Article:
Technology is changing the way fans view sporting events.
New technology allowed NASCAR to amassed a huge following.
Football cameras now take the viewer on the field for a player's-eye view.
Now some of that new technology may help revive the sport of kings, horse racing.
"We've seen what it can do for other sports," says Kenleigh Hobby, a U of A student in the Horse Racing Industry Program. "Horse racing is still stuck in the binoculars age."
What Hobby is proposing is not new or even revolutionary. Cameras have been mounted on jockeys in limited venues to give the viewers an on-track view.
But Hobby is mounting cameras on all the jockeys, trainers and workers in the starting gate. It gives the viewer an opportunity to see the events from beginning to end, making them more of a participant rather than just a casual observer.
His new company, EquiSight, is marketing a camera system that records the race for playback, and has met with great success.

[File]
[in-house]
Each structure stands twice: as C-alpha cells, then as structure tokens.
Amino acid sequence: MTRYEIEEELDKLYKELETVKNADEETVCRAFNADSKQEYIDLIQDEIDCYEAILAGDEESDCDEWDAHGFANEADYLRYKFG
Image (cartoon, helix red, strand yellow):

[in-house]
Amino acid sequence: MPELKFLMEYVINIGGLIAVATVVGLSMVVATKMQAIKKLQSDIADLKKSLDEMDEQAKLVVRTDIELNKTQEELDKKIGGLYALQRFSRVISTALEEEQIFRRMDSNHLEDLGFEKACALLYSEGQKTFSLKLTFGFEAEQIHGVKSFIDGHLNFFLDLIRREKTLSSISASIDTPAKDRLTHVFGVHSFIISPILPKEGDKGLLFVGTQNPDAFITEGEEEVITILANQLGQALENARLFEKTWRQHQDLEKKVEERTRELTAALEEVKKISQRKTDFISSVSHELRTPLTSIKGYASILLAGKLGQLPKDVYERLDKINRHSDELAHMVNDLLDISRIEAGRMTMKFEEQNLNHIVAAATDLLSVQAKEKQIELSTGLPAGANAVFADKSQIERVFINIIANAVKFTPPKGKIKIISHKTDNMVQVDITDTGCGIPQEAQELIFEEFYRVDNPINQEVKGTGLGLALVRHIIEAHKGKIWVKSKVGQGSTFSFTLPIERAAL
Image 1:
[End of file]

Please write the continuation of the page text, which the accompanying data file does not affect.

"The jockeys tell the trainers, 'Check out that last ride. Do you want to hire me for your next ride?' The jockeys have been an asset for us."
But breaking some of the traditions has been more daunting that first thought.
Unlike major league sports, which has a commissioner and uniform set of rules, horse racing is different.
He says every state has a different set of rules and there is no commissioner to makes decisions.
But he also says all the tradition in horse racing is hard to break through as well. New ideas are not always welcome.
But with horse racing falling on hard times, maybe some new ideas are just what it needs.
"We hope this is going to bring the sport back and attract younger viewers," he says.
He's working with engineers to develop what he calls a "smart helmet."
It will allow viewers to follow any jockey they choose.
"Live, while the race is going on. And they can switch horses during the race," he says.
That live technology is something that might get horse betters to put down their binoculars and pick up the telephone.